The biggest deviation between the two units came during flight. Whereas the P3 was nimble and responsive, the Q500 felt sluggish and "heavy" in the air. I also noticed it had more trouble negotiating wind gusts than the P3 — maybe because it's bigger. Another knock against the Q500 is its operating range: 800 meters to the P3's 1200 meters. You can clearly see all of these factors at play in this excellent video comparison between the two models:
Flight times were similar for both, right around 20 to 23 minutes depending on conditions and use. I didn't bother using the Q500's "Smart" toggle (which configures the drone to fly in directions from your perspective), but I can see how that would be useful to beginner pilots. I welcomed the inclusion of integrated, large touchscreen on the Q500 controller. Not having to use my cellphone to view the drone's field of vision and accompanying flight data was fantastic. The controller's layout and buttons also felt a bit more polished than the P3.
Speaking of the layout, the P3's phone app was fine but oddly cluttered compared to the one for my Phantom 2 Vision+. It could be my iPhone 5s' small screen, but I feel like a smartphone with a larger screen or even an iPad mini would be more beneficial to pilots.
Both cameras for my purposes were excellent, with out-of-the-box auto and a multitude of manual options available. If I had to choose, I'd likely prefer the P3 as the images appeared a tad sharper. The gimbals on both are solid and do a remarkable job of keeping the images steady. I did find, however, that the pan and tilt on the Q500 was slower than the P3. I should also note that the integrated screen on the Q500's controller was extremely dim in bright sunlight. Yuneec appears to have anticipated this by including the bundled sunshade, but it's no match for the brightness of an iPad mini or other tablet device.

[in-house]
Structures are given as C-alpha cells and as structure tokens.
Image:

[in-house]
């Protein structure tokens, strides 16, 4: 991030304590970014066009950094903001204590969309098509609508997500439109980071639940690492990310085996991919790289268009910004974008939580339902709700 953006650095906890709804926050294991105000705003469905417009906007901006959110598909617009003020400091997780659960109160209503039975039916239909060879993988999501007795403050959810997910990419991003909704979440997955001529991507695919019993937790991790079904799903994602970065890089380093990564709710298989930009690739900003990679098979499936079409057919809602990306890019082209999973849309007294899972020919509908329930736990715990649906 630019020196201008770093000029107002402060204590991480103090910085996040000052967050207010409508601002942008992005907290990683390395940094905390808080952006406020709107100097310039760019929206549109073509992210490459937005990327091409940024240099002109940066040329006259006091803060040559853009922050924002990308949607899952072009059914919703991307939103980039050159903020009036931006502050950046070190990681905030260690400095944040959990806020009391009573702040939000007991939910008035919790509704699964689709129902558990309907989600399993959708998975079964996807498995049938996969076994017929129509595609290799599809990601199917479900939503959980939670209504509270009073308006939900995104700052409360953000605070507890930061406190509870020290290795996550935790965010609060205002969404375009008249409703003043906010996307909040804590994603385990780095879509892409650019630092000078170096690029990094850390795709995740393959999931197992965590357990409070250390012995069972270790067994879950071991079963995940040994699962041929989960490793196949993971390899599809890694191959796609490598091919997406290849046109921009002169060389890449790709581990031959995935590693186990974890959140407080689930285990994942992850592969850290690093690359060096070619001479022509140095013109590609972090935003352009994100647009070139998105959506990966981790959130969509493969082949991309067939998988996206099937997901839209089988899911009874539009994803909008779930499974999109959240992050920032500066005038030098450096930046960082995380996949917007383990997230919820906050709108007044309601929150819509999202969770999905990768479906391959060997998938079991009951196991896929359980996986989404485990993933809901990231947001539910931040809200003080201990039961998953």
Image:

In terms of image capture, the Q500 camera features a very wide 115-degree field of view compared to the P3's narrower 94-degree view. I appreciated the extra real estate, especially in eliminating the "fish eye" effect that's more common with the Phantoms.
Video on both was excellent, with the edge once again going to the P3 in terms of color and overall quality. I also noticed the propellers of the Q500 would sometimes show at the edges of the frame during flight; likely because of the camera's much larger field of view. These being 4K drones, you'll be duly impressed by either one in terms of the video and photos. With each generation, the ability to capture the world in even greater detail from hundreds of feet above continues to get better and better.
Both drones, in my opinion, offer tremendous value, especially when you look at how far the industry has come from only a few years ago. My personal preference in terms of responsive, nimble flight and overall picture quality would go to the Phantom 3 4K. At $599 from DJI, it's also the most affordable 4K-ready drone available.
There's no denying, however, the tremendous value offered by Yuneec. For $799, you can pick up the bundle described above, complete with extra battery, hard case, and SteadyGrip Camera mount, which would cost much more purchased separately. I would encourage any prospective aerial photographer or hobbyist to research both models and, if possible, take them out for a test flight to get a feel for their handling. Regardless of what you choose, you'll likely be smiling the entire flight.